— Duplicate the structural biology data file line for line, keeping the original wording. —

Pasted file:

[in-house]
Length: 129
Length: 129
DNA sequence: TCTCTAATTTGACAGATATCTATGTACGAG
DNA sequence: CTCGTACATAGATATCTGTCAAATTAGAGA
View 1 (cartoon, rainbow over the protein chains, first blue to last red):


[in-house]
Length: 129
Length: 129
DNA sequence: TCTCTAATTTGACAGATATCTATGTACGAG
DNA sequence: CTCGTACATAGATATCTGTCAAATTAGAGA
View 1 (cartoon, rainbow over the protein chains, first blue to last red):